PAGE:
Stroke sees Englishman wake up speaking Welsh
An 81-year-old man from Somerset who had a stroke woke up speaking Welsh.
Alun Morgan was taken ill while he was at his home in Bath. A few days later, he was speaking the language he had not spoken since childhood.
"This was strange because I'd not lived in Wales since I was evacuated there during the war," he said.
Mr Morgan was diagnosed with aphasia, a condition which affects a person's ability to communicate.
It can affect stroke survivors in different ways, from speaking and reading to writing and understanding.
Mr Morgan's wife Yvonne had rushed him to hospital when she noticed he was not responding to anything.
He said: "I don't remember much of the first four days.
"Then, when I did speak, I was talking away in Welsh.
Communicating with people with aphasia
- Get their attention
- Reduce background noise
- Allow time to understand and respond
- Check for a yes/no response
- Try speech, writing, hand gestures, drawing or facial expressions. If one does not work, try something different
Advice from the Stroke Association
"Fortunately my wife was there and knew what I was saying and she had to translate it all. I'd completely forgotten English.
"Then, about two or three days later, back came all the English, so I don't know where that had hidden."
Mr Morgan said he had spoken "a bit of both" languages as a child.
"We were London Welsh and I learned a bit of Welsh when I was in London. Then, when I was evacuated to Wales during the war, we spoke it virtually all the time because my aunt didn't speak much English, so I had to pick it up very quickly."'Odd affair'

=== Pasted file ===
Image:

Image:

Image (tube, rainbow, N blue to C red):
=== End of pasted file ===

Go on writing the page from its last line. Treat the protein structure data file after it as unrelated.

He lived in Aberaeron, in mid Wales, for four years from the age of nine.
Mr Morgan said he did not initially think anything was amiss after the stroke.
"I just spoke away. It wasn't until my wife told me what was happening I expressed some surprise.
"I think I got up two or three days later and spoke English again, so it was a very odd affair.
"I've come on a lot better now. I've still got a few problems, mainly tied in with my speech."
Mr Morgan said his recovery was helped by a Stroke Association support group.
"Meeting lots of people at the communication support service and sharing experiences with people who understand aphasia has made a huge difference," he said.
"I'm not worried about their reaction or scared that the words just wont come out when I try to speak. This means I can enjoy life a lot more."'Be taken away'
Chris Clark, UK director of the Stroke Association's life after stroke services, said: "Aphasia has a massive impact on stroke survivors' lives. People are left feeling frustrated and lonely, particularly at this time of year.
"We know that stroke survivors with aphasia want to be better understood by health and social care professionals and their communities, so they can have the confidence to interact with people."
Prof Pam Enderby, from the Royal College of Speech and Language Therapists, said: "A stroke can happen in an instant to anyone of any age.
"Being unable to communicate as a result of a stroke impacts on stroke survivors' involvement in family life, education, work and their community.
"The simplest everyday tasks, such as talking to friends, ordering a coffee or saying Merry Christmas, can suddenly be taken away."